even though the verse doesn’t make the comment as to where it came from. What the commentator should be compelled to accept, I feel, is that the apostle Peter stated quite plainly that the glory made known to the disciples as shining from Jesus was that which came not from within His own nature but from without, a clear bestowal of glory upon Him from the Father which reflected outwards.
Petbaulk, although he denies the authenticity of Peter as being the author of this letter, is correct in his statement that
‘Jesus is here no Hellenistic...“divine man”...The transfiguration is no epiphany of Jesus’ hidden divine nature’
That is, as far as Peter is concerned, what took place on the mountain was not a revelation that Jesus was uniquely divine (this had already been revealed to Peter and probably to the other disciples as well - Mtw 16:16-17) but that He was being honoured and glorified by the radiance with which He was now being clothed directly by God the Father.
There is doubt thrown onto the interpretation by the phrase ‘honour and glory’ as to what it exactly refers to and various commentators cite different possibilities. However, Petbaulk summarises the decision to be not a choice of description for each of the two words but as a necessity of interpreting both words as either representing
‘...the abstract honour [or] the visible glorification’
and notes that the mention of Peter as being an ‘eyewitness’ (II Peter 1:16) is a clear indication that the latter of these is intended. What the three disciples are actually witnessing is the glorification of Jesus as He will appear upon His return after the crucifixion and resurrection (and, subsequently, the ascension). The revelation, therefore, is one which causes the end of all things to be visibly present even when the reality of the need to bring to a conclusion what is set before Jesus is at hand. But this glorification of Jesus also must be seen to begin with the resurrection and to continue throughout the Church age when Jesus is seated at the right hand of the Father in heaven, clothed with glory and honour which will be made known visibly to all the inhabitants of the earth upon His return.
The glorification of Jesus, therefore, is seen to be primarily for the benefit of Jesus and not the disciples who wake in the midst of the event taking place and shortly before it concludes.
This future ‘glorification’ is spoken of elsewhere in the first three Gospels in numerous places, one of which we’ve just encountered in Mtw 16:27 where Jesus stated that
‘...the Son of man is to come with His angels in the glory of his Father, and then He will repay every man for what he has done’
and which is repeated in this Gospel in 19:28, 24:30 and 25:31. The purpose of the transfiguration is, therefore, not to reveal the divine nature of Jesus Christ to the disciples but to demonstrate the conclusion of the obedience of God’s Servant when the time of His suffering is nearly at hand. In this way, the discussion which Jesus is having with both Moses and Elijah who appear also in glory (the same word is used for this as it is for the glory of Jesus in Luke 9:32 which also points towards the light being something external to Jesus rather than that which was radiating from within Him) concerning His imminent death (Luke 9:31) becomes particularly relevant and this experience becomes a reassurance to Jesus Himself that obedience to the demands of God the Father are vitally necessary for the glorification to be achieved. When Jesus prays on the final evening before the suffering of the arrest, trial and crucifixion, John 17:4-5 records Jesus’ words as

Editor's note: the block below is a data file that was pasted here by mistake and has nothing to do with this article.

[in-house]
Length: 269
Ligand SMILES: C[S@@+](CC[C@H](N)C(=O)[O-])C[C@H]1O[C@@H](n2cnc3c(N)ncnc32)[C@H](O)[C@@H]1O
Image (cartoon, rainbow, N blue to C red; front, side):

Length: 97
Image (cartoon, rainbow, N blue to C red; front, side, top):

‘I glorified Thee on earth, having accomplished the work which Thou gavest Me to do; and now, Father, glorify Thou Me in Thy own presence with the glory which I had with Thee before the world was made’
a direct appeal to God to allow Him to be clothed with the splendour which is now being revealed to Jesus as the ultimate reward for His continued obedience. While there’s certainly the element of the glory being God’s presence, it is wrong, I believe, to see it as emanating from within Jesus - rather, it comes from God the Father to assure His Servant that the end of all things is at hand and that that which He came to do on earth must be finally completed before the glorification will be assured. Therefore Lukmor writes that
‘In the quietness, [Jesus] had doubtless thought long about the outworking of His vocation. He was about to go up to Jerusalem and die for men. This vision on the mountain set the seal of divine approval on the step He was about to take’
while Mathen sees the incident occurring at this point
‘...in order that this might sustain Him in His fast approaching agony’
Having said this, we may also interpret the scene in simpler terms by stating that what, in effect, has happened is that Heaven has come down to earth on the top of the mountain and that the heavenly presence of God is now with them. When Moses talked with God on Mount Sinai, the children of Israel witnessed the fading glory emanating from His face (Ex 34:29-30) and, in I Tim 6:16, Paul notes that God dwells in unapproachable light.
Although it’s quite correct to see the glory of Jesus’ brilliance as a reassurance of the ultimate prize which awaited Him, it’s also true to say that it’s indicative of the presence of God, not only because of the light but because the disciples were also afraid before the cloud enveloped them (Mark 9:6), a mark of what happens when humans find themselves in the presence of God (Ex 34:30, Is 6:1-5, Daniel 8:17) along with the need to fall down before Him (II Chr 5:13-14, Ezek 1:28, Daniel 8:17).